30 March 2016

Jewel History: Lady Salisbury Chagrined (1888)


"Lady Salisbury Chagrined"
(originally appeared in the Washington Post on 26 Mar 1888)

From the New York Tribune cable -- Since the presentations were made [1] a little story has leaked out which has its amusing side. There was a hot contest for the honor of offering the diamond tiara [2] to the Princess. Two marchionesses were the disputants, representing both sides of the great political controversy of the hour [3]. It is an omen that the Home Ruler [4] won.

About this folks will differ, of course, but the Prime Minister's wife [5] had to give place to the celebrated Maria, Marchioness of Ailesbury [6]. The present seems to have been suggested by the dowager, who also collected the subscriptions. Apart from this, her age and position in society naturally pointed her out as a suitable person to head the deputation.

On the other hand, the Marchioness of Salisbury conceived that the wife of the Prime Minister had the right of precedence in such matters, and pushed her claim. When the ladies themselves [7], fearing to give the offering a political complexion, wisely decided against Lady Salisbury, there was much tragic rage in a quarter which I need not more specifically mention; the more that Maria of Ailesbury is an ardent admirer of Mr. Gladstone, and have we not been told by Lord Salisbury himself that Tories who respect themselves do not hold converse with the right honorable gentleman?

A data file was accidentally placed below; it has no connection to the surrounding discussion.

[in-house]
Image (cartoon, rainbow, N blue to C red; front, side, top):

1. That is, the presentations of silver wedding anniversary gifts to the Prince and Princess of Wales (later King Edward VII and Queen Alexandra of the United Kingdom). They celebrated 25 years of marriage on March 10, 1888.

2. The tiara in question is Queen Alexandra's Kokoshnik, Made of diamonds set in white and yellow gold, the tiara was a gift to Alexandra from a group calling themselves the "Ladies of Society." They raised the money to have Garrard make the tiara for Alexandra, who suggested that she'd like a kokoshnik tiara much like the one worn by her sister, Empress Marie Feodorovna of Russia.

3. The political controversy in question was "Irish Home Rule" -- i.e., whether or not Ireland should be governed on domestic matters (at least in part) by a legislative body located in Ireland. Ireland had had its own parliament until 1800, when the Act of Union abolished it. The issue of Home Rule was one of the flashpoints that eventually led to the Irish War of Independence and the establishment in 1922 of the Irish Free State -- but of course, questions about who should govern Northern Ireland persisted (often violently) throughout the 20th century and continue to be debated today.

4. Two women from the "Ladies in Society" group competed for the opportunity to present the new tiara to Alexandra. One was Lady Salisbury, the wife of the current prime minister (the 3rd Marquess of Salisbury). The other was Maria, Lady Ailesbury, who had taken a leadership role within the committee. Maria's late husband, the 2nd Marquess of Ailesbury, had been a member of the Liberal Party, which was headed by William Ewart Gladstone. Under Gladstone, the party supported Home Rule for Ireland. Salisbury's Conservative party staunchly opposed Home Rule. Maria, the "Home Ruler," won the dispute and presented the tiara.

5. Georgina, Lady Salisbury (1827-1899), nee Georgina Alderson, was the wife of the 3rd Marquess of Salisbury. He was Britain's Prime Minister in 1888. Georgina's father, Baron Alderson, had been an influential judge and Baron of the Exchequer.

6. Maria, Lady Ailesbury (1813-1892), nee Lady Mary Herbert, was the wife of the 2nd Marquess of Ailesbury. Maria's father was the 11th Earl of Pembroke; her mother was Countess Catherine Semyonovna Vorontsova, who was the daughter of the Russian ambassador to Britain.

7. That is, the other members of the "Ladies of Society" committee.

For more on the controversial presentation of the tiara...